A 36-year-old painter is renting a bedroom near Fort Tryon Park and is currently poised over his sketchbook with a chewed-up pencil in his desiccated mouth. There isn’t a desk, so he’s placed a stained pillow against his lower back and is leaning against the wall on his unmade bed. An old bulldog is snoring by his sweaty feet. It is 4am. There are two, tall windows flanked by red curtains which look southeast over the dark mysteries, scattered lights, and throbbing, pulsing, chaos of Manhattan. Opposite the window is a white dresser littered with novels, paints, brushes, palettes, sketchbooks, and pens. Above the dresser is a faded mirror. Taped to the mirror is an image of Bedroom in Arles by Vincent Van Gogh. The hardwood floor is covered with dirty clothes, old newspapers, a crumpled backpack, stale loaves of bread, jars of peanut butter, dog bowls, chewed-up toys, and empty water bottles. The droning and whishing of passing cars blends with the thumping music of the Spanish party still going strong downstairs. The painter stares wretchedly at an easel across the room that is facing the opposite wall. He removes the chewed-up pencil from his desiccated mouth, shoves a pinch of tobacco inside his lip, and looks down at the sketchbook in his lap.
He draws an image of an 18-year-old boy looking up a steep hill. It is the middle of summer. The day is bright and hot. There are winding, beaten paths through blossoming maple trees and thick ferns which thread their way to a stony, barren summit. The paths disappear halfway up the hill. It is steepest near the summit. While drawing, the painter becomes distracted by thoughts of the previous two, days: drinking too much in a crowded bar, exhausted and vacant subway commutes, meeting a prospective boss with a bushy mustache and fidgeting eyes, meeting a beautiful woman whom he shared a passionate and tumultuous past. The woman kept asking him, through tears, “What are you doing with your life? Why don’t you give up your dream?” Does he still love her? Does she still love him? You know that story.
He draws the boy’s face. The eyes are eager and hopeful. The mouth is grim and determined. The boy has never climbed this hill before. There are few birds, arrested in flight, but not a single cloud in the clear and expansive sky.
The old bulldog on the bed groans and turns on his crippled back. The painter rubs his belly for a minute and becomes invaded by distractions again. I’m selfish, he thinks. I’ve always been lazy and selfish. The money is running out, as always. There’s $5426 left in the bank account. Time is slipping by faster and faster, as always, yet here I am sketching a stupid boy looking up a stupid hill. The painter shoves another pinch of tobacco against his lip and stares wretchedly at the easel across the room.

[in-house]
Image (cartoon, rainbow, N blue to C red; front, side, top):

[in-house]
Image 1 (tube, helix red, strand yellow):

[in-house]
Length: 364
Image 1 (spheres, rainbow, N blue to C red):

Earlier that day, he stood for six hours in front of the easel without drawing a single line. He stared and stared at the canvas until his eyes burned and his muscles ached. How does one discover the difference between patience for something beautiful and weak, insinuating concessions? thought the painter. I’ve been doing this for 18 years now, and I still don’t know. He left the easel and walked with his old bulldog through Fort Tryon Park. It was the middle of winter. They walked together on one of their routine paths and traveled up the steep hill. Since it was Saturday night the park was quiet and empty. The surroundings were shadowy and still. The stricken maple trees were dense with snow. The painter huddled into himself against the cold and focused on his steady footsteps. The fight he had with his dying, sick father a month ago echoed through his thoughts: “You’re wasting your life! Don’t make my mistakes! You’re 36 years old yet you act like a boy! How are you supposed to support yourself?” You know that story.
The painter sketches the details of the stony, barren summit. It should be desolate and lonely up there, the painter thinks. But the boy won’t know. No, he won’t know. He sketches the rocks, dirt, and patches of grass. I’m sure the view will beautiful up there, if the boy ever finds his way. Yes, if he ever finds his way.
For the next hour the painter sketches until the soft, morning sunlight passes delicately though his windows. Then he closes the sketchbook, steps off the bed, and closes the red curtains. The room is now dark. The old bulldog is still snoring. The painter tries to fall asleep, but is having some difficulty. He is still thinking about the image of the 18-year-old boy in his picture. Maybe he will get lost on one of the winding trails? he wonders. Yes, maybe the boy will get lost. Maybe he will get lost on the hill.
J.W. Kash lives in New York City. He has been published in The Tishman Review, The Unbroken Journal, The Galway Review, literally stories, and more. You can find more of his work on his website: www.jwkash.com